Hardown Hill

I have often sung the praises of Stonebarrow, and have blogged about it in the past, but despite being able to see it from our kitchen window, I have never been up its next-door neighbour, Hardown Hill.

At this time of year, it is easily identified from a long way away by the vibrant splash of purple rhododendrons which have taken over the west side, and make a spectacular display even from a couple of miles away. I wanted to go for a Stonebarrow run today, and as I’ve been looking at this purple hill for the last couple of weeks, I decided to go and find out what it’s really like.

It’s an easy walk/run from Stonebarrow, and could be accessed from Felicity’s Farm Shop, or Annie’s Tea Rooms once it’s open again, so is a nice easy walk to do any time. I didn’t really expect much, to be honest, but it’s a surprisingly different pocket of landscape to the countryside surrounding it. The top is heathland, with expanses of heather that must be stunning when in flower. It feels much more like Canford Heath or Exmoor kind of habitats than the local West Dorset ecology; apparently there are nightjars and native lizards up there, and it definitely felt like adder territory.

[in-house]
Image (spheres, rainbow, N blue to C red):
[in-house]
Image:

Hardown Hill was used for quarrying for hundreds of years, and chert cobs from the pits and ‘adits’ (tunnels) were used extensively in local building, including in the now ruined chapel at St Gabriel’s. The gravelly, sandy material in between was used in road building. The mines are now safely blocked, although at least one is home to a colony of greater horseshoe bats, and the side of one pit has been left exposed to display the geology.

There are 10 barrows on the hill – one was excavated in 1916, but now the information garnered from that dig is quite disputed, and the findings are unclear. The human remains found were probably an Anglo-Saxon reuse of a Bronze Age barrow, but this is not certain.

For me, the real surprise of Hardown was the views. It’s higher than I thought, so you can see over Thorncombe Beacon to Portland, and along past Golden Cap, through to Lyme Regis. On the other side, the views extend right across the Marshwood Vale, and today was so clear it felt like the views were endless. It’s a very varied little walk, with heathland tracks, hidden dips and a rather atmospheric clump of pine trees. I will definitely be back for the heather flowering, and also to see if there are any bilberries when it’s the season – I haven’t picked them since being a child on Dartmoor!

If you’re on Stonebarrow, visiting Langdon Woods or just in the area, I’d thoroughly recommend a detour to Hardown – it’s definitely a worthy addition to its more famous neighbours!

Leave a Reply

Your email address will not be published. Required fields are marked *